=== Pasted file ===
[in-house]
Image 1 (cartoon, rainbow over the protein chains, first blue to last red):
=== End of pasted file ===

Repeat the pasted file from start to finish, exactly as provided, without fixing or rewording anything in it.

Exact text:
[in-house]
Image 1 (cartoon, rainbow over the protein chains, first blue to last red):